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The Associated Press Stylebook setsa fairly helpful standard for media coverage of transgender subjects. According to the AP “sex changes” entry, reporters are to:
Use the pronoun preferred by the individuals who have acquired the physical characteristics (by hormone therapy, body modification, or surgery) of the opposite sex and present themselves in a way that does not correspond with their sex at birth. If that preference is not expressed, use the pronoun consistent with the way the individuals live publicly.
So why does Jessie L. Bonner‘s recent AP profile of transgender mayoral candidate Melissa Sue Robinson keep zig-zagging between male and female pronouns? Robinson has acquired female physical characteristics, and prefers the female pronoun. And yet, Bonner’s story refers to Robinson with female signifiers (she, her) 17 times, and male signifiers (he, him, his) six times.
Perhaps the AP standard isn’t so helpful after all. In the piece, Bonner applies the rules differently to Robinson before and after her gender transition. Each current reference to Robinson refers to the candidate as female; each reference to Robinson before she “legally changed his name and underwent surgery in 1998” employs the male pronoun. There’s some AP style hidden beneath the awkward usage: technically, Bonner refers to both Robinson and her former legal identity, Charles Staelens Jr., in a manner that’s “consistent with the way the individuals live publicly.” Staelens lived publicly as a man, so gets a “he”; Robinson lives publicly as a woman, and earns a “she.”
Bonner’s usage may be technically correct, but it also borders on the offensive. (First, let’s overlook the fact that nine-tenths of the story is entirely fixated on the fact that a female mayoral candidate “previously lived as a man.”) As Bonner switches between “his” and “hers” in order to hew to AP style, Robinson comes off looking confused:
The 58-year-old was born male and still carries the slightly larger-than-an-average-woman build of Charles Staelens Jr., who legally changed his name and underwent surgery in 1998 to become a woman.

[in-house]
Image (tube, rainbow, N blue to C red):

She also kept his voice.
He was married for 17 years, owned a construction company, and was a Republican when he ran for city council in Lansing, Mich., where he was raised with his identical twin brother until their parents divorced in the 1960s.
Now she says she is celibate, a telecommunications worker who is “just another cog in the machine,” and a Democrat who in 2004 became the first transgender to run for the state legislature in Michigan.
Later in the story, another component of the AP “sex changes” rule comes into play—-the part that instructs reporters to use the pronoun “preferred by the individuals” in question. According to Bonner’s story, Robinson has never personally identified as male. Sure, that preference wasn’t publicly known before 1998, but it’s now been out in the open for 11 years. And yet, Bonner still churns out phrases like this one:
“as an adult, [Robinson] always thought of himself as a woman but waited until his late 40s before undergoing the gender reassignment surgery.”
Actually, Robinson has always thought of herself as a woman. And yet, to the Associated Press, Robinson’s forever gender remains male. Why? Because to the AP, you only get to be referred to as female after you undergo intensive surgery—-and even then, your gender only applies to the years you’ve spent since going under the knife. That sucks. No person should be forced to invest in a legal name change and live up to a set physical standard—-according to AP style, “hormone therapy, body modification, or surgery”—-to be identified by their true gender identity.
No matter what the AP treatment suggests, Robinson didn’t become female when she changed her name and underwent surgery. That’s just the point at which the Associated Press learned that Robinson was female. With any other developing story, the AP will update its outdated, incorrect narrative when new information comes to light. Why should a transgender person’s story be any different?